I've been having a terrible time getting rid of these two annoying messages and finally tracked down the solutions, so I want to save you the time and agony!
The first was some residual from malware that affected my registry. The problem is supposed to be caused by WORM_RONTOKBRO.K. Apparently "explorasi.exe" (or eksplorasi.exe) is a part of that worm or some such infectious bugger that got removed by my anti-virus software but the error notice remains because it left a trace of its existence in the registry so that the computer thinks it needs to find it everytime it boots up.
To get rid of this command I did the dangerous deed of going into my registry and deleting the reference. It actually wasn't so hard, but as they say "BE CAREFUL" because the registry is one huge initialization file (a .ini) that needs to load properly for your computer to work. It is like a genetic code and a single mutation can cause disaster I'm told.
Getting rid of the reference to explorasi.exe however, proved fairly easy:
Because the worm disabled my ability to edit the registry from within my username, I had to reboot my computer (which is a MacBook Pro running Bootcamp and Windows XP) in SAFE MODE so that I could access my administrator log in. This meant booting into windows and holding down the F8 key so that it asked if I wanted to boot into safe mode.
Once in safe mode, logged in as "administrator", I typed "regedit" in the "RUN" command line (you find that under the start button). This opened up regedit. And then I went to the Edit menu and went to "Find" and asked it to find "explorasi.exe" (or "eksplorasi.exe, depending on your problem). I had to do this many times, hitting F3 (for "find next"). The first times I looked for "explorer.exe" because what the machine is doing is telling itself that when it launches explorer it should look for "explorasi". But doing it this way you have to search through every reference to explorer.exe to find the one that references explorasi (or eksplorasi) . If you can find explorasi directly you are better off. Anyway, you have to delete this.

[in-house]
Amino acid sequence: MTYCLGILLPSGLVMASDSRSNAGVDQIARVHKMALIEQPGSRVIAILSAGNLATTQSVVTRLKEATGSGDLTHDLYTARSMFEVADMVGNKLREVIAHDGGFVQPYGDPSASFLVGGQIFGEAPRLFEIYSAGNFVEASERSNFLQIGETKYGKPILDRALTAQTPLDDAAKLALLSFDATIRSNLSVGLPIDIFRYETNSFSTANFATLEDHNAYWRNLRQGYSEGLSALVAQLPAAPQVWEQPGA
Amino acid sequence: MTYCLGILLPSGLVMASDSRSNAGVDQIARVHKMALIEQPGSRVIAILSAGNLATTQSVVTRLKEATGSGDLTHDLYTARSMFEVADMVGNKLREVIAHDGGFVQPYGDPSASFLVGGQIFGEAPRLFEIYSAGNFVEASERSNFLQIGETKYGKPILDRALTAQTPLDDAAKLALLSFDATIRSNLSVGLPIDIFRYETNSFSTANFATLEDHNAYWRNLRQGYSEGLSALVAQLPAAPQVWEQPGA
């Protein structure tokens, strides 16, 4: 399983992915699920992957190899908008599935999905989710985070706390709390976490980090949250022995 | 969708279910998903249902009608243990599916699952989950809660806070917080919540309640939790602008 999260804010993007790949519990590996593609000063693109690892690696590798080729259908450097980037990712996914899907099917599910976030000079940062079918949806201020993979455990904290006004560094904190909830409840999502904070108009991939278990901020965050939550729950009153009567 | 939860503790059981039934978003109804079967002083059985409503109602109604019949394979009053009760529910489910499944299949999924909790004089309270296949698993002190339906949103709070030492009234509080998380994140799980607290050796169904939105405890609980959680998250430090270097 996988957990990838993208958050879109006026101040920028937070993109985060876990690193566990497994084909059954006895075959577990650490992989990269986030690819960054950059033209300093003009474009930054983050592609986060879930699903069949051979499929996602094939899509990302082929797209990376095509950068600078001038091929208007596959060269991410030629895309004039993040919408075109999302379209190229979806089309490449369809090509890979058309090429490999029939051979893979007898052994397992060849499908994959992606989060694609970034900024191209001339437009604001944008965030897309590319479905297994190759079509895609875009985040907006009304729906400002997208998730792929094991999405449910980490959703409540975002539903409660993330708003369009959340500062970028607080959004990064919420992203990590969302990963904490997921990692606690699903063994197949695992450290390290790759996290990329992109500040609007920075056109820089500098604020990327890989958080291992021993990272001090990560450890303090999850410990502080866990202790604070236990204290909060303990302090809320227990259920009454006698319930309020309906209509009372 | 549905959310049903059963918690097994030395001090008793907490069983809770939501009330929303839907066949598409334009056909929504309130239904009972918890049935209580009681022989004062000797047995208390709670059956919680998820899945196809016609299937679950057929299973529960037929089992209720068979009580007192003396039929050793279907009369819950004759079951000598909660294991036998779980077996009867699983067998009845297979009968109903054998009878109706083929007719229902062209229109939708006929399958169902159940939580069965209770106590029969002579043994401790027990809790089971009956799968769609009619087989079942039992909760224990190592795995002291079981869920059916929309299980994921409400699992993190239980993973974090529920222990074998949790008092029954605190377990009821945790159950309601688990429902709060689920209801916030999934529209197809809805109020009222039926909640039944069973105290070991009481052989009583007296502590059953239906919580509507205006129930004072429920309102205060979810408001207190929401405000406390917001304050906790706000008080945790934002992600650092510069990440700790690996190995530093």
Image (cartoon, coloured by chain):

Here is what the worm added:
"Shell" = "Explorer.exe "%Windir%\eksplorasi.exe""
It is telling your computer that any time the Shell loads "Explorer.exe" it should also load %Winddir%\eksplorasi.exe. Since the eksplorasi.exe was deleted by the anti-virus software, the computer is looking for something that doesn't exist any more, and that is the hangup.
So what you do is simply delete "%Windir%\eksplorasi.exe".
This is a minor change and doesn't adversely affect your computer at all -- it effectively stops the machine from asking for the damn eksplorasi.exe file, which was the virus that fortunately got removed.
Check here for more info: http://www.greatis.com/appdata/d/_/_windir__eksplorasi.exe_Removal.htm
The best source of info for all these problems that I have found is http://www.trendmicro.com/vinfo/virusencyclo/default5.asp?VName=WORM_RONTOKBRO.K&VSect=Sn
You theoretically should be able to edit the registry from your own user account and not have to go into Safe mode and into your administrator account. But if you have the same problem as me, your computer will tell you that the administrator has disabled your ability to edit the registry. I recently learned that this is "the virus speaking" -- the sneaky bugger tells you that your administrator won't let you edit the registry so that you can't get in and delete it easily. It is the virus (or worm or malware or whatever) that actually disabled your ability to edit the registry! Clever.